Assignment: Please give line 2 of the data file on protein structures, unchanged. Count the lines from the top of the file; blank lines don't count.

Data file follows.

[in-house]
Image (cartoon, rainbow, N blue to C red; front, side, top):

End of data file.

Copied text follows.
Image (cartoon, rainbow, N blue to C red; front, side, top):